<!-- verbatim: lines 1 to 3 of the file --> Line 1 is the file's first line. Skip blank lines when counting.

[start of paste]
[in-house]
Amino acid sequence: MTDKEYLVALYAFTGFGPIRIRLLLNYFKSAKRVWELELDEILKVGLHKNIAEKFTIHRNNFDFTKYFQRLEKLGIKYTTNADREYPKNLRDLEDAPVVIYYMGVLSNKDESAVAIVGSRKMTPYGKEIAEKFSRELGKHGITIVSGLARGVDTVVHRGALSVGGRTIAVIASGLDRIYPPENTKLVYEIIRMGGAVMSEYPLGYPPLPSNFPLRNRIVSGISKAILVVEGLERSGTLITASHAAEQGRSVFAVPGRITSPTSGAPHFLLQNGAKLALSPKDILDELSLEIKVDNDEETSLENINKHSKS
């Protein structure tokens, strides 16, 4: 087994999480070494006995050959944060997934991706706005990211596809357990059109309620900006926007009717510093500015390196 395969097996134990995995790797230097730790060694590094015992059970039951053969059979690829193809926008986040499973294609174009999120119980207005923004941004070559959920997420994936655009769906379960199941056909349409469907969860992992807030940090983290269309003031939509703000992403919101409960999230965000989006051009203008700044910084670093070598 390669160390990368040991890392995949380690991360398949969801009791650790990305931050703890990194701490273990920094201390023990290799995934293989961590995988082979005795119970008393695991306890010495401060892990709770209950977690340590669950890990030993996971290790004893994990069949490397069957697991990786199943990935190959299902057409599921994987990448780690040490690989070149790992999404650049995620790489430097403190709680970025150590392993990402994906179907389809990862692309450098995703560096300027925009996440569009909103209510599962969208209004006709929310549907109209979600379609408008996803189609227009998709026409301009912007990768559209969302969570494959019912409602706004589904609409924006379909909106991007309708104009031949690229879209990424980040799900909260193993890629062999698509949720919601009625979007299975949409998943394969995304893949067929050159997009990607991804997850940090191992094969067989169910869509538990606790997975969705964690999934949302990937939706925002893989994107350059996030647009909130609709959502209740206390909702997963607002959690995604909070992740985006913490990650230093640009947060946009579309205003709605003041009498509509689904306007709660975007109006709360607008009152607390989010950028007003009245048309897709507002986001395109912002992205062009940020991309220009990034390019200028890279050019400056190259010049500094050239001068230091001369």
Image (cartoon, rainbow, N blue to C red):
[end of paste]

[in-house]
Amino acid sequence: MTDKEYLVALYAFTGFGPIRIRLLLNYFKSAKRVWELELDEILKVGLHKNIAEKFTIHRNNFDFTKYFQRLEKLGIKYTTNADREYPKNLRDLEDAPVVIYYMGVLSNKDESAVAIVGSRKMTPYGKEIAEKFSRELGKHGITIVSGLARGVDTVVHRGALSVGGRTIAVIASGLDRIYPPENTKLVYEIIRMGGAVMSEYPLGYPPLPSNFPLRNRIVSGISKAILVVEGLERSGTLITASHAAEQGRSVFAVPGRITSPTSGAPHFLLQNGAKLALSPKDILDELSLEIKVDNDEETSLENINKHSKS
């Protein structure tokens, strides 16, 4: 087994999480070494006995050959944060997934991706706005990211596809357990059109309620900006926007009717510093500015390196 395969097996134990995995790797230097730790060694590094015992059970039951053969059979690829193809926008986040499973294609174009999120119980207005923004941004070559959920997420994936655009769906379960199941056909349409469907969860992992807030940090983290269309003031939509703000992403919101409960999230965000989006051009203008700044910084670093070598 390669160390990368040991890392995949380690991360398949969801009791650790990305931050703890990194701490273990920094201390023990290799995934293989961590995988082979005795119970008393695991306890010495401060892990709770209950977690340590669950890990030993996971290790004893994990069949490397069957697991990786199943990935190959299902057409599921994987990448780690040490690989070149790992999404650049995620790489430097403190709680970025150590392993990402994906179907389809990862692309450098995703560096300027925009996440569009909103209510599962969208209004006709929310549907109209979600379609408008996803189609227009998709026409301009912007990768559209969302969570494959019912409602706004589904609409924006379909909106991007309708104009031949690229879209990424980040799900909260193993890629062999698509949720919601009625979007299975949409998943394969995304893949067929050159997009990607991804997850940090191992094969067989169910869509538990606790997975969705964690999934949302990937939706925002893989994107350059996030647009909130609709959502209740206390909702997963607002959690995604909070992740985006913490990650230093640009947060946009579309205003709605003041009498509509689904306007709660975007109006709360607008009152607390989010950028007003009245048309897709507002986001395109912002992205062009940020991309220009990034390019200028890279050019400056190259010049500094050239001068230091001369």